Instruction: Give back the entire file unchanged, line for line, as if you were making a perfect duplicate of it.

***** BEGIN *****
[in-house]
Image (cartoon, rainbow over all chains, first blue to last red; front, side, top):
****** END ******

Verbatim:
[in-house]
Image (cartoon, rainbow over all chains, first blue to last red; front, side, top):